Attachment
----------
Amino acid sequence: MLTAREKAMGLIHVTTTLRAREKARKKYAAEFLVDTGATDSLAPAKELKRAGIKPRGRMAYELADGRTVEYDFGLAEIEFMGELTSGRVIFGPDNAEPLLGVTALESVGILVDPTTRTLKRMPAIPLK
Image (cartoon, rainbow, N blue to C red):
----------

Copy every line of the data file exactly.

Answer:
Amino acid sequence: MLTAREKAMGLIHVTTTLRAREKARKKYAAEFLVDTGATDSLAPAKELKRAGIKPRGRMAYELADGRTVEYDFGLAEIEFMGELTSGRVIFGPDNAEPLLGVTALESVGILVDPTTRTLKRMPAIPLK
Image (cartoon, rainbow, N blue to C red):